Grand Canyon airport fire personnel stay on top of training game
PHOENIX — Firefighters need regular training to be ready for emergencies, and that goes for the seven firefighters assigned to the Arizona Department of Transportation’s Grand Canyon National Park Airport in Tusayan.
Recently, ADOT’s firefighters traveled to the San Bernardino Regional Emergency Training Center, where trainees benefit from life-size models that simulate hazards ranging from a plane with overheated brakes to a fire in the passenger cabin.
“This type of training keeps our firefighters at the ready,” said Matt Smith, manager of the Grand Canyon Airport. “In the event of a crash or other emergency, lives are on the line and every second counts.”
Serving more than 336,000 passengers in 2017, the last year for which figures are available, Grand Canyon National Park Airport serves as a local hub for tourists wishing to experience the park via air tours. The airport hosts six air-tour companies that fly visitors over the canyon, hosts a skydiving company and sees daily commercial flights from airlines based in the Las Vegas region.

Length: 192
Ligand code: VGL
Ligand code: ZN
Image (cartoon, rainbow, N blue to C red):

ADOT’s firefighters, who live in housing at the facility, respond to an average of 60 calls per year. The airport is the state’s fourth-busiest in terms of passengers served.
To make sure its firefighters are ready for those calls, ADOT has sent them to training within Arizona and to New Mexico, Utah and, now, California.
Even during exercises, firefighters must take great care. While fires on the aircraft models are controlled by computer, fires can break out on their own. This adds a sense of realism to the training exercise, and trainees must use caution and safety practices as they would in a real emergency.
During training, firefighters’ vital signs are measured throughout the day to ensure everyone is fit and healthy.
“We pursue excellence in everything we do, especially critical firefighting skills,” Smith said. “There is no substitute for the experience gained from live-action training.”
Grand Canyon Airport has three fire rescue vehicles, including a truck with a Schnozzle, a piece of equipment that can puncture an aircraft fuselage and spray 1,500 gallons of fire-suppressing foam or 500 pounds of dry chemical extinguishing powder.
Information provided by ADOT